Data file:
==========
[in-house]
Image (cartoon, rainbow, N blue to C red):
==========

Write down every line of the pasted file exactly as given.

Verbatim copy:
[in-house]
Image (cartoon, rainbow, N blue to C red):